Supervisor Cook Promotes Financial Literacy, Board Honors Junior Achievement for Their Efforts


It seems that every day we read another article in the newspaper about American consumers facing one sort of financial hardship or another. April has been declared National Financial Literacy Month, and rightfully so. Too few of us are sufficiently educated about our personal finances. In 2005, the national savings rate fell to negative 0.5 percent for the first time since the Great Depression, and since 2005, the American public has been spending more money than it has earned after taxes. Our youth are not properly prepared either. Sixty percent of American teens do not know the difference between cash, credit cards and checks, and only 6.9 percent of 12th grade students scored a grade of C or better on a recent national financial literacy survey.

Here in Fairfax County we have made a major push in addressing that lack of knowledge. The Fairfax County Public School System has, with the support of local businesses, partnered with Junior Achievement of the National Capital Area, an organization dedicated to educating students about workforce readiness, entrepreneurship and financial literacy.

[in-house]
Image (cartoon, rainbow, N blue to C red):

They are constructing a 20,000 square foot facility at the Frost-Woodson Campus designed to prepare young people for the real world by showing them how to generate wealth and effectively manage it, and learn the value of contributing to their communities. The program will provide a unique educational experience to more than 14,000 middle school students each year, helping them understand many basic life skills including individual and family budgeting. It will also provide an information base for some slightly more complex but equally important topics like the role of financial institutions and the advantages and disadvantages of credit, interest, saving and investing.

This is knowledge all of us should have, but many lack. Fortunately, with this program our next generation may become more financially savvy.
To help raise awareness on financial literacy and to recognize Junior Achievement for its efforts, Supervisor Cook brought Junior Achievement before the Board to receive a proclamation and asked for April to be declared Financial Literacy Month in Fairfax County. Ed Grenier, President and CEO of Junior Achievement, and Bud Morrisette, from Interstate Relocation Services and a Junior Achievement supporter, accepted the proclamation.


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